TD employees
Unveiling of TD Bank sign at 1 Portland Square

Integration of TD Bank, America’s Most Convenient Bank


To integrate TD Banknorth and Commerce Bank, incorporating our brand, culture and business model, and data conversion.


The integration of Commerce Bank and TD Banknorth, a larger and more complex undertaking than any prior acquisition in TD Bank Financial Group history, was successfully completed on schedule – just over 18 months.

With a strong focus on customers, we met challenges with flair, creativity and a 24/7 work approach, successfully building an enduring platform and a competitive advantage. Throughout this labour-intensive integration program, which took place during a period of extreme turmoil in the financial marketplace, we continued to deliver strong business results, achieving a 50% deposit growth over our peers (five-year average).

Integration Highlights

  • The integration program included Commerce re-branding and launch of new products, migration of TD Banknorth customers to new products, TD Banknorth re-branding, and conversion of Commerce legacy customers to a new platform.
  • A set of Guiding Principles and Integration Objectives guided our governance and decision making throughout the entire process.
  • We established a constant feedback loop, giving us the ability to adjust on a daily basis to our customers’ concerns and needs.
  • Human Resources (HR) teams worked to ensure that employees were supported through the transition and kept informed of HR initiatives impacting them.

Meeting Challenges

  • In September 2009, we migrated 1,028 stores to the TD Bank, America’s Most Convenient Bank brand and a single operating platform.
  • During the first few days after systems integration, problems arose with overnight processing.
  • When issues emerged, it was “all hands on deck,” as employees worked around the clock to resolve problems and make things right for our customers. We deployed our Executive Response teams to our call centres, where they were empowered to make decisions and solve problems, one customer at a time.
  • We provided customers with provisional credit, waived TD Bank fees and paid third-party bank fees charged due to delays in processing. Employees were even empowered to offer $25 to customers for any inconveniences they may have experienced.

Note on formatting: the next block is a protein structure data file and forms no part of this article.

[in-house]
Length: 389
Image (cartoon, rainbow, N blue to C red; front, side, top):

Customer WOW! Index Recovery

  • During this time of uncertainty for our U.S. customers, we naturally took a hit in terms of customer satisfaction, measured by our Customer Wow! Index (CWI). In September 2009, our CWI score was 34.5, ahead of our goal of 33.9. When integration problems arose, we dropped down to a monthly average of 17.2. By December, however, we had rebounded to 26.2, against a goal of 24. Our hard-working, dedicated team of employees, working around the clock for many weeks, made it possible for us to rebound from this crisis in record time and with our reputation intact. They continue to help us achieve our enterprise-wide goal of being the better bank.


During the 18-month period of integration we:

  • integrated our brand, culture and business model at 1,100 stores, and successfully completed data conversion;
  • trained 15,035 employees;
  • logged a total of 385,000 hours of training; and
  • developed 88 new training programs to support integration.


"I spent the weekend visiting many of our stores and call centers," writes Bharat Masrani, President and CEO, TD Bank, America's Most Convenient Bank, "and was extremely impressed with the energy, enthusiasm and 'can do' spirit of our people. Employees from departments all over the bank spent their weekend helping out in any way they could, bringing people coffee, sharing words of encouragement and just being there – it really was quite remarkable and is one of the reasons I am confident we will come out of this stronger than ever."

Bharat Masrani, President and CEO, TD Bank, America's Most Convenient Bank

Imagine my surprise when I got to the airport to purchase a return ticket and had only about $100 in my account. I called TD Bank to see if there was something wrong. She listened to my story before responding: “I’m terribly sorry; there has been a delay today in posting direct deposits to accounts. But I see that you get a direct deposit on the 15th and 30th of every month, and I’ve already been authorized to fix these issues so I’m going to post a $1,000 credit memo to your account. Is that enough for your plane ticket?”

I thought I would fall over. There was no arguing, pleading, begging. I didn’t have to ask to talk to a supervisor. The customer-service person who spoke with me was intelligent and had been empowered to fix problems.

Philip H Weber, Philadelphia, PA